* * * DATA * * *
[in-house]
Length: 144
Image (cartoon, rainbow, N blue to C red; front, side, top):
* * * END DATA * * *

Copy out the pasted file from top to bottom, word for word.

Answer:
[in-house]
Length: 144
Image (cartoon, rainbow, N blue to C red; front, side, top):